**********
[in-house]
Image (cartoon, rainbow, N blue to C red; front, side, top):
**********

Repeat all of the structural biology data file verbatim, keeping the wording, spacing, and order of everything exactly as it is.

[in-house]
Image (cartoon, rainbow, N blue to C red; front, side, top):